Coyle v. Unknown

Filing 40

ORDER DISMISSING CASE. The Court dismisses Plaintiff's Third Amended Complaint and this civil action in its entirety for failing to state a claim upon which relief can be granted pursuant to 28 U.S.C. §§ 1915(e)(2)(B)(ii) and 1915A(b)( 1), denies leave to further amend as futile, certifies that an IFP appeal of this Order would not be taken in good faith pursuant to 28 U.S.C. § 1915(a)(3), and directs the Clerk of Court to enter judgment and close the file. Signed by Judge Larry Alan Burns on 3/6/17.(All non-registered users served via U.S. Mail Service)(kas)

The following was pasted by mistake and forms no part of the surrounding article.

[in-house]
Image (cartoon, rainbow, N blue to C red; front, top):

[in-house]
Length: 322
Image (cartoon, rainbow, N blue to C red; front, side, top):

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1 2 3 4 5 6 7 8 UNITED STATES DISTRICT COURT 9 SOUTHERN DISTRICT OF CALIFORNIA 10 11 12 JUSTIN COYLE, Booking No. 16156062, ORDER DISMISSING CIVIL ACTION FOR FAILING TO STATE A CLAIM PURSUANT TO 28 U.S.C. § 1915(e)(2)(B)(ii) AND 28 U.S.C. § 1915A(b)(1) Plaintiff, 13 vs. 14 15 Case No.: 3:15-cv-02867-LAB-AGS UNKNOWN, et al., Defendants. 16 17 18 JUSTIN COYLE (“Plaintiff”), who was a pretrial detainee at George Bailey 19 Detention Facility (“GBDF”) at the time he initiated suit, (see ECF No. 1), but whom has 20 since been transferred to the San Diego Central Jail, where the Court presumes he is 21 either still awaiting trial or sentence, (ECF No. 37), is proceeding pro se in this civil 22 rights action filed pursuant to 42 U.S.C. § 1983. The Court has granted Plaintiff leave to proceed in forma pauperis, but has 23 24 dismissed his original (ECF No. 1), and second amended complaints (ECF No. 4) for 25 failing to state a claim with leave to amend. (ECF Nos. 2, 18.) Plaintiff has since 26 unsuccessfully appealed (ECF Nos. 19, 24, 27), and after being granted an extension of 27 time, has now filed his Third Amended Complaint (“TAC”) (ECF No. 34). 28 /// 1 3:15-cv-02867-LAB-AGS 1 Because Plaintiff’s latest pleading still fails to state a claim, the Court now 2 dismisses the entire action pursuant to 28 U.S.C. § 1915(e)(2)(B)(ii) and § 1915A(b)(1) 3 without further leave to amend. 4 Background Plaintiff’s TAC is sparse and, as was true of his original complaint, he identifies no 5 6 individual defendants and he alleges no violations of any specific constitutional right. 7 For example, in “Count One,” Plaintiff claims 5 bags of Maxwell House coffee, various 8 items from 2 “internet purchase hygiene kits” and other miscellaneous items worth 9 $126.55 were taken from him on October 7, 2015, when he was extracted from his cell. 10 (ECF No. 34 at 1.) In “Count Two,” Plaintiff claims he was “assaulted by two separate 11 SD County Jail staff” while returning from court on January 7, 2016. (Id. at 2.) Plaintiff 12 also claims that afterward, an unidentified nurse “ignored [his] orders … not [to] touch 13 [his] butto[cks],” and “pricked” him with a needle. (Id.) Plaintiff “believe[s] this incident 14 was for humiliation purposes,” and constituted a “sexual attack.” (Id. at 3.) Finally, in 15 “Count Three,” Plaintiff claims he was “falsely imprisoned” for ten days after he was 16 “given an O.R.” on September 29, 2014, by the East County San Diego Superior Court. 17 (Id.) 18 19 20 Discussion A. Legal Standards for Screening per 28 U.S.C. §§ 1915(e)(2)(B) and 1915A(b) Because Plaintiff remains a prisoner and is proceeding IFP, his TAC requires a 21 pre-answer screening pursuant to 28 U.S.C. § 1915(e)(2) and § 1915A(b). “The purpose 22 of § 1915A is ‘to ensure that the targets of frivolous or malicious suits need not bear the 23 expense of responding.’” Nordstrom v. Ryan, 762 F.3d 903, 920 n.1 (9th Cir. 2014) 24 (quoting Wheeler v. Wexford Health Sources, Inc., 689 F.3d 680, 681 (7th Cir. 2012)). 25 “The standard for determining whether a plaintiff has failed to state a claim upon which 26 relief can be granted under § 1915(e)(2)(B)(ii) is the same as the Federal Rule of Civil 27 Procedure 12(b)(6) standard for failure to state a claim.” Watison v. Carter, 668 F.3d 28 1108, 1112 (9th Cir. 2012); see also Wilhelm v. Rotman, 680 F.3d 1113, 1121 (9th Cir. 2 3:15-cv-02867-LAB-AGS 1 2012) (noting that screening pursuant to § 1915A “incorporates the familiar standard 2 applied in the context of failure to state a claim under Federal Rule of Civil Procedure 3 12(b)(6)”). 4 As Plaintiff is now well aware, the Prison Litigation Reform Act requires the Court 5 to review complaints filed by all persons proceeding IFP and by those, like Plaintiff, who 6 are “incarcerated or detained in any facility [and] accused of, sentenced for, or 7 adjudicated delinquent for, violations of criminal law or the terms or conditions of parole, 8 probation, pretrial release, or diversionary program,” “as soon as practicable after 9 docketing.” See 28 U.S.C. §§ 1915(e)(2) and 1915A(b). Under these screening statutes, 10 the Court must sua sponte dismiss complaints, or any portions of them, which are 11 frivolous, malicious, fail to state a claim, or which seek damages from defendants who 12 are immune. See 28 U.S.C. §§ 1915(e)(2)(B) and 1915A(b); Lopez v. Smith, 203 F.3d 13 1122, 1126-27 (9th Cir. 2000) (en banc) (discussing 28 U.S.C. § 1915(e)(2)); Rhodes v. 14 Robinson, 621 F.3d 1002, 1004 (9th Cir. 2010) (discussing 28 U.S.C. § 1915A(b)). 15 All complaints must contain “a short and plain statement of the claim showing that 16 the pleader is entitled to relief.” FED. R. CIV. P. 8(a)(2). Detailed factual allegations are 17 not required, but “[t]hreadbare recitals of the elements of a cause of action, supported by 18 mere conclusory statements, do not suffice.” Ashcroft v. Iqbal, 556 U.S. 662, 678 (2009) 19 (citing Bell Atlantic Corp. v. Twombly, 550 U.S. 544, 555 (2007)). “Determining whether 20 a complaint states a plausible claim for relief [is] ... a context-specific task that requires 21 the reviewing court to draw on its judicial experience and common sense.” Id. The “mere 22 possibility of misconduct” falls short of meeting this plausibility standard. Id.; see also 23 Moss v. U.S. Secret Service, 572 F.3d 962, 969 (9th Cir. 2009). 24 “When there are well-pleaded factual allegations, a court should assume their 25 veracity, and then determine whether they plausibly give rise to an entitlement to relief.” 26 Iqbal, 556 U.S. at 679. The court “ha[s] an obligation where the petitioner is pro se, 27 particularly in civil rights cases, to construe the pleadings liberally and to afford the 28 petitioner the benefit of any doubt,” Hebbe v. Pliler, 627 F.3d 338, 342 & n.7 (9th Cir. 3 3:15-cv-02867-LAB-AGS 1 2010), but it “may not supply essential elements of the claim that were not initially pled.” 2 Chapman v. Pier 1 Imports (U.S.) Inc., 631 F.3d 939, 954 (9th Cir. 2011) (citations 3 omitted). 4 B. Application to Third Amended Complaint Plaintiff’s TAC suffers from the same critical deficiencies of pleading as his prior 5 6 pleadings and therefore, it must be dismissed pursuant to 28 U.S.C. § 1915(e)(2)(B)(ii) 7 and § 1915A(b)(1). 8 9 As an initial and overall matter, both the Rules of Federal Procedure and the Civil Rights Act require Plaintiff to, at minimum, identify the persons he seeks to sue, and 10 allege at least some non-conclusory facts from which the Court might “draw the 11 reasonable inference” that each defendant has violated the Constitution. Iqbal, 556 U.S. 12 at 676-78. While Rule 8 does not impose a “hyper[-]technical, code-pleading regime,” it 13 “demands more than [the] unadorned, the-defendant-unlawfully-harmed-me 14 accusation[s,]” id. at 678, Plaintiff continues to make in this case, despite having the 15 benefit of two prior Orders explaining the deficiencies of his approach. See ECF Nos. 2, 16 18. 17 Specifically, as to any allegedly unauthorized, negligent, or even intentional 18 deprivation of his personal property, Plaintiff was advised such claims could not proceed 19 under § 1983 because the State provides an adequate post-deprivation remedy through the 20 California Tort Claims Act. See ECF No. 18 at 8 (citing Zinermon v. Burch, 494 U.S. 21 113, 129-32 (1990); Hudson v. Palmer, 468 U.S. 517, 533 (1984); Barnett v. Centoni, 31 22 F.3d 813, 816-17 (9th Cir. 1994)). Therefore, to the extent Plaintiff continues to contend 23 his coffee, hygiene kits, and other canteen purchases were “taken from [him] and never 24 returned,” (ECF No. 34 at 1), he still fails to state a claim upon which relief may be 25 granted. See 28 U.S.C. § 1915(e)(2)(B)(ii); 1915A(b)(1). 26 Plaintiff’s January 7, 2016 “assault” claims fare no better. See ECF No. 34 at 2. 27 Again, Plaintiff was previously apprised that his failure to offer any “explanation 28 whatsoever” as to the circumstances giving rise to this incident, identify the defendants 4 3:15-cv-02867-LAB-AGS 1 involved, describe the necessity for, type or severity of the force used, or to explain 2 whether he was injured or resisting, was insufficient to support a plausible excessive 3 force claim. (ECF No. 18 at 7-8, citing Kingsley v. Hendrickson, __ U.S. __, 135 S. Ct. 4 2466, 2473 (2015) (noting that excessive force claims alleged by pretrial detainees 5 require allegations that defendants’ application of force was objectively unreasonable).) 6 Plaintiff’s TAC still fails to identify any person who is alleged to have “assaulted” him, 7 and still fails to contain any “factual content that allow the court to draw the reasonable 8 inference that [any] defendant is liable.” Iqbal, 556 U.S. at 678 (“‘[N]aked assertion[s]’ 9 devoid of ‘further factual enhancement’” are insufficient to “‘state a claim for relief that 10 11 is plausible on its face.’”) (quoting Twombly, 550 U.S. at 557, 570). Finally, to the extent Plaintiff also claims to have been “falsely imprisoned” for ten 12 days, (ECF No. 34 at 3), he again fails to identify any person who may be held liable for 13 “illegally ke[eping] him” after he alleges to have been ordered released. See Taylor v. 14 List, 880 F.2d 1040, 1045 (9th Cir. 1989) (“Liability under [§] 1983 arises only upon a 15 showing of personal participation by the defendant.”). Even more critically, however, the 16 Court finds this type of claim may not even be brought in a § 1983 action–for it amounts 17 to a challenge against both the length and the validity of his incarceration. A petition for 18 habeas corpus is Plaintiff’s sole judicial remedy when attacking “the validity of the fact 19 or length of ... confinement.” Preiser v. Rodriguez, 411 U.S. 475, 489-90 (1973); Young 20 v. Kenny, 907 F.2d 874, 875 (9th Cir. 1990). 21 Based on this authority, and in light of Plaintiff’s multiple opportunities to fix his 22 pleadings, the Court finds his TAC must now be dismissed without further leave to 23 amend, because he has continually failed to state any plausible claim upon which § 1983 24 relief may be granted. See Lopez, 203 F.3d at 1126-27; Rhodes, 621 F.3d at 1004. 25 26 Conclusion and Order The Court dismisses Plaintiff’s Third Amended Complaint and this civil action in 27 its entirety for failing to state a claim upon which relief can be granted pursuant to 28 28 U.S.C. §§ 1915(e)(2)(B)(ii) and 1915A(b)(1), denies leave to further amend as futile, see 5 3:15-cv-02867-LAB-AGS 1 Hartmann v. CDCR, 707 F.3d 1114, 1130 (9th Cir. 2013) (“A district court may deny 2 leave to amend when amendment would be futile.”), certifies that an IFP appeal of this 3 Order would not be taken in good faith pursuant to 28 U.S.C. § 1915(a)(3), and directs 4 the Clerk of Court to enter judgment and close the file. 5 IT IS SO ORDERED. 6 7 8 9 Dated: March 6, 2017 HON. LARRY ALAN BURNS United States District Judge 10 11 12 13 14 15 16 17 18 19 20 21 22 23 24 25 26 27 28 6 3:15-cv-02867-LAB-AGS